Under the Illinois Workers’ Compensation Act, an injured worker is entitled to lost time benefits, called temporary total disability benefits, if the work injury causes the treating doctor to take the employee completely off of work. These benefits begin after a waiting period of three working days and are paid as long as the disability exists. If the disability continues for 14 days or more, the employer then becomes responsible for paying for the first three days of disability. During such time, the injured worker is paid 66 2/3% of their wages. Most significantly, since these payments are considered payments of disability, they are nontaxable at both the State and Federal levels.
Similarly, if the treating doctor provides the injured worker with light duty restrictions and the employer is unable to accommodate the light duty restrictions, the employer remains responsible for paying lost time benefits. These payments are made as though the doctor had taken the employee completely off work. These benefits continue even if the employee is terminated from his/her employment for unrelated reasons. If the employer fails to timely pay lost time benefits, the Act provides a penalty provision wherein the employer could be responsible for paying penalties of $30 per day up to $10,000.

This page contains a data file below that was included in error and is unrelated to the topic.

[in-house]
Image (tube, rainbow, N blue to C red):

If you have sustained a work injury and are not receiving timely lost time benefits, you may need legal assistance. Sometimes the delay in payments may be a documentation issue as the adjuster has not been receiving timely off work or light duty slips from the doctor. However, sometimes the adjusters are overwhelmed with claims and simply have not gotten to paying your lost time benefits. In such instances, it often requires legal assistance to convince the adjuster to pay the weekly benefits in a timelier manner.
If you have recently been in a motor vehicle crash in southern Illinois or near the metro-east, then you are probably already dealing with medical bills, insurance representatives, and possibly even third-party collection companies.